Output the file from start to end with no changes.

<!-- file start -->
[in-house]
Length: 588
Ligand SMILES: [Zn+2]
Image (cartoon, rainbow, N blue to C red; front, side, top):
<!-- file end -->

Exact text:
[in-house]
Length: 588
Ligand SMILES: [Zn+2]
Image (cartoon, rainbow, N blue to C red; front, side, top):